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Old 05-05-2017, 08:40 PM   #31 (permalink)
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I ran another tank, trying to use the A/C about the same amount as the last one. MPG ended up at 13.92, compared to 13.79 the last week. This is substantially lower than before the 12 degree mod @ 14.31/14.44 for 2 ~32 gallon tankfuls. So now that I'm fairly confident of ~13.85mpg with the mod and A/C, I'm running the next tank without A/C. Hopefully that'll tell me if the aero mod is a net negative or positive.

I hadn't thought about replacing the A/C system, but I don't really use it all that much. That's either a good argument for not bothering to fix it, or that replacing it with a smaller unit would be perfectly acceptable. Conventional wisdom is that the AC compressor uses around 8hp, and is about the equivalent of a 1.5-2 ton system. At around 20,000BTU/hr that's an electric equivalent of 1500-2500 watts, or 2-3.3hp. I could probably get away with an effective A/C about 1/4 that size, since I rarely put it over "low" on the fan except in the middle of summer. Even at 100% efficiency, an electric one would need to be good for 375-625 watts, or up to ~45A. The 12V car compressors are good for around 300-400BTU/hr, which is 1/50th as big as the stock car system. Unless I'm missing something, I don't see how this could work.

Last edited by Merlyn2220; 05-06-2017 at 09:23 AM..
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Old 05-06-2017, 07:44 PM   #32 (permalink)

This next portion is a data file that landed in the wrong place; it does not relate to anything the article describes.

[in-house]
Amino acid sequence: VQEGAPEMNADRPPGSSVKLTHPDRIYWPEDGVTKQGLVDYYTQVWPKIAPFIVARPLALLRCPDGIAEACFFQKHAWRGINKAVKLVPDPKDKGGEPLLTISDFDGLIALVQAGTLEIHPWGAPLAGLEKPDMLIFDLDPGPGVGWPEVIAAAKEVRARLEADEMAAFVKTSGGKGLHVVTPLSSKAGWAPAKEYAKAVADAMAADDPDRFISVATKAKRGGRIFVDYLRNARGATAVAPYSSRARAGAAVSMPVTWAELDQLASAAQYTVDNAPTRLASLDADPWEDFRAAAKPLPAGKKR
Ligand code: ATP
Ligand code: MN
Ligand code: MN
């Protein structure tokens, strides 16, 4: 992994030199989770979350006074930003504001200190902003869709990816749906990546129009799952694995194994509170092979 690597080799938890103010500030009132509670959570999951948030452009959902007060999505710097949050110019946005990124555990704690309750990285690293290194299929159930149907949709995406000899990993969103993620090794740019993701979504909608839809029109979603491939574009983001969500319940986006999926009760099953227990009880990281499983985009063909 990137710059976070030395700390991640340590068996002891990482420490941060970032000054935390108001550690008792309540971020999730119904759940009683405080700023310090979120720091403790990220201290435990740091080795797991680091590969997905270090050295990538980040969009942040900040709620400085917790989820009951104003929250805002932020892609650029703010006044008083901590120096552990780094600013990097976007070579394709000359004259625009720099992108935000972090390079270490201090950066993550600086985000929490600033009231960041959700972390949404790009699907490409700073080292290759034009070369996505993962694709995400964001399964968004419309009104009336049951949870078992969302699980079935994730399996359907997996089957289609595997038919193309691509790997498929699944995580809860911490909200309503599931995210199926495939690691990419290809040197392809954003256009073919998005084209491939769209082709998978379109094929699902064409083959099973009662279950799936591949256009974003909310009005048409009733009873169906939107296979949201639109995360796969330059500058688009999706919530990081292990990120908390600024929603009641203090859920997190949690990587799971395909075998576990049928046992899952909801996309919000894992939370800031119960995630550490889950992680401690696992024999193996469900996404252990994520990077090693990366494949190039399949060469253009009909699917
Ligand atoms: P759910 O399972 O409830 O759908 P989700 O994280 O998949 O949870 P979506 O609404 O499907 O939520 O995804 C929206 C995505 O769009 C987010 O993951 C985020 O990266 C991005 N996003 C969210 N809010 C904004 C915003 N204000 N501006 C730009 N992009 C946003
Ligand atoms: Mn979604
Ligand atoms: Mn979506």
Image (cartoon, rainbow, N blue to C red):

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The average power drawn by the AC compressor is proportional to how much cooling you draw from the system. The compressor is clutched on and off to maintain the high side pressure. The compressor clutch is directly controlled by a pressure switch.

The compressor is sucking a lot of power when it is running, while the mileage hit is proportional to the percent of time it is running.

The more air you push through the system, the more the compressor runs. The slower the heater blower speed, the less cooling and less average power to the compressor. If the slowest setting on the heater blower is more cooling than you need, then add a resistor to slow the blower even more.

Look for ways to use less cooling. Sun shades when parked to keep the interior cooler. Interior as warm as you can comfortably tolerate. And pull the compressor fuse when running the defroster.
The vacuum gauge plus wheel covers helped increase summer 2015 mileage to 38.5 MPG, while summer 2016 mileage was 38.6 MPG without the wheel covers. Drove 10,588.6 miles in 2016 at 35.0 MPG.
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Old 05-07-2017, 10:43 PM   #33 (permalink)
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I added a lighted toggle switch to control the compressor on a Suburban I had years ago. It let me run defrost functions without the compressor running.

84 Gmc 6.5 na diesel K30 4x4
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